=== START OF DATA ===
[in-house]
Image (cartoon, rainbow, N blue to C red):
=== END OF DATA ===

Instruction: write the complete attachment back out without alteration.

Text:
[in-house]
Image (cartoon, rainbow, N blue to C red):